This page includes material supplemental to the article titled:
Definitions of data and terms associated with voters:
- 2012 Vote Propensity: This score is a proprietary calculation of relative voting likelihood, and is based on a variety of publicly available data. It was calculated prior to the 2012 general election, and is used in this analysis to ensure that we compared treatment and control voters who had relatively similar voting tendencies. There are some voters who, either because of a lack of voting history or other factors, did not have a 2012 vote propensity score calculated for them. For the integrity of our analysis we excluded any such voters.
- Treatment Voters: These are voters who were initially identified by the Pennsylvania Department of State in the spring of 2012 as potentially lacking a valid State-issued ID. This list of approximately 758,000 voters included the ones targeted by the State for additional informational mailings about the Voter ID law. Not all of these voters lacked ID, but they did receive letters and postcards from the State indicating that there was concern over their ID status and that they may not be able to vote as a result. This list was obtained from the Pennsylvania Department of State in July of 2012.
- Control Voters: These are the remaining registered voters in Pennsylvania, who were matched to State-issued IDs in the PennDOT database, and were not targeted by the State for additional mailings about their ID status. For the purpose of this analysis we used a copy of the voter file obtained from the Pennsylvania Department of State in the Spring of 2012, near the time that the Department of State conducted their match with PennDOT records. Because of this, we are not including in our analysis voters who registered after this time.
- 2012 Vote History: The data regarding which voters cast ballots in the November 2012 election was obtained from the Pennsylvania Department of State in July of 2013. Because of the need to match voters from our database with their vote history in the 2012 election, any registered voters from our earlier database who were removed from the voter rolls prior to July of 2013 were not included in our analysis.
- Note About Sample Size: Because our analysis only included voters who were present in both the 2012 and 2013 voter file exports, and because we included only voters who had a previously calculated 2012 vote propensity score, our full voter universe contained 7,379,811 registered voters, rather than the full list of voters in Pennsylvania. We did not attempt to project our results from this sample to the full population of registered voters, meaning that we certainly underestimate the number of disenfranchised voters in this analysis.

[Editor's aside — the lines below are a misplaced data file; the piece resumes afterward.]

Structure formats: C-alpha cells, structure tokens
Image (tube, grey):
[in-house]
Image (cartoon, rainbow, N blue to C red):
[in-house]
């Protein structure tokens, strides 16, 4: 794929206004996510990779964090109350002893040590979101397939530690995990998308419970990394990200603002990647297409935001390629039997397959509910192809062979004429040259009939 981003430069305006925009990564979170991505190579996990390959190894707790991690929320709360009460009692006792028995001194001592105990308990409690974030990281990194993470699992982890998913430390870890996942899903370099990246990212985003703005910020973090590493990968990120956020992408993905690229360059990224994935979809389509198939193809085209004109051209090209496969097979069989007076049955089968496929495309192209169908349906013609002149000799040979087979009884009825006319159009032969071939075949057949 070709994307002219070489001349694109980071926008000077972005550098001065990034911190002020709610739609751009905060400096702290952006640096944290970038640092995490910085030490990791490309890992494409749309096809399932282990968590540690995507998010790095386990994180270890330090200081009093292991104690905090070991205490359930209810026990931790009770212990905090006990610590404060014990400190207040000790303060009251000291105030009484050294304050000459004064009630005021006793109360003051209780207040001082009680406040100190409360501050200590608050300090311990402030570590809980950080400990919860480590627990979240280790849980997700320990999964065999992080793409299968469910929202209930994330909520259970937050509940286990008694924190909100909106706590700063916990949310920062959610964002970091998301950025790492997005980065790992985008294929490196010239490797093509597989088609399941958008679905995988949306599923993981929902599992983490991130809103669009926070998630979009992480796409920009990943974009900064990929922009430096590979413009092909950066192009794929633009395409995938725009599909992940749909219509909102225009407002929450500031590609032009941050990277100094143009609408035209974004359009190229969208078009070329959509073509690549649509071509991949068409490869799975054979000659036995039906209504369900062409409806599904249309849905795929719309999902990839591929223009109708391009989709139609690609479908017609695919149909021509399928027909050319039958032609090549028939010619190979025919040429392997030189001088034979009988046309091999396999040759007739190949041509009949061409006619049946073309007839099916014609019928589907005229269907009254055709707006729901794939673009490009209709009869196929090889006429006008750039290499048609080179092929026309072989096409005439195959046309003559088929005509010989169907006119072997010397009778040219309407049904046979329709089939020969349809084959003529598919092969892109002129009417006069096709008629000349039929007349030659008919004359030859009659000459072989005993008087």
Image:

|Class||Control Voters||Treatment Voters||Control Voters||Predicted Turnout||Treatment Voters|
|Registered||Votes Cast||Registered||Votes Cast||Turnout
|0 – 9.9||151,353||15,588||42,013||2,300||10.3%||10.1% to 10.5%||5.5%||1943 to 2111|
|10 – 19.9||242,908||41,325||31,008||3,136||17.0%||16.8% to 17.2%||10.1%||2079 to 2200|
|20 – 29.9||255,003||56,769||33,836||3,577||22.3%||22.1% to 22.5%||10.6%||3884 to 4027|
|30 – 39.9||280,002||74,279||23,742||3,831||26.5%||26.3% to 26.7%||16.1%||2416 to 2518|
|40 – 49.9||348,556||125,579||31,638||5,949||36.0%||35.8% to 36.2%||18.8%||5384 to 5516|
|50 – 59.9||353,551||167,426||28,956||9,908||47.4%||47.1% to 47.6%||34.2%||3742 to 3867|
|60 – 69.9||442,966||256,506||34,531||16,326||57.9%||57.7% to 58.1%||47.3%||3604 to 3736|
|70 – 79.9||852,367||594,950||60,463||37,147||69.8%||69.7% to 69.9%||61.4%||4979 to 5133|
|80 – 89.9||1,267,740||1,086,697||86,191||69,948||85.7%||85.6% to 85.8%||81.2%||3865 to 4003|
|90 – 99.9||2,566,292||2,459,302||246,695||232,987||95.8%||95.8% to 95.9%||94.4%||3344 to 3502|
|Totals||6,760,738||4,878,421||619,073||385,109||72.2%||n/a||62.2%||35,239 to 36,613|
*99% CI: Confidence Interval – this measure indicates that with a 99% degree of statistical certainty, the true value of the indicated measure would fall within the range calculated, and only a 1% chance that the true value would be higher or lower than this range.
The 99% Confidence interval was calculated using a standard statistical test shown below. Voters from each 2012 vote propensity category were analyzed independently so that we were only comparing control and treatment groups who had similar vote propensities. After the predicted turnout was calculated for each tier, we calculated the shortfall between the anticipated vote and the actual vote among treatment voters. Those shortfalls ranges for each tier were totaled to arrive at the total number of disenfranchised voters.
p = the observed proportion
n = the sample size
z = 2.57 (standard for calculating a 99% CI)
Graph 1: Distribution of voters in the control and treatment groups by their vote propensity scores. Propensity scores were rounded to the nearest whole number, and the graph indicates the percent of voters from each group with that score. While our analysis standardized for vote propensity when comparing turnout between the control and treatment groups, it is nevertheless interesting to observe how similar the vote propensity distributions are for the two subsets of voters.
Graph 2: Observed voter turnout, by vote propensity category, for control and treatment groups. The much more pronounced impact among what would be considered ‘sporadic’ voters, and the relatively low impact among high propensity voters is consistent with what would be expected if the results were due to confusion about the status of the Voter ID law, where higher propensity voters may be more likely to seek out additional information and find out that the law had be blocked.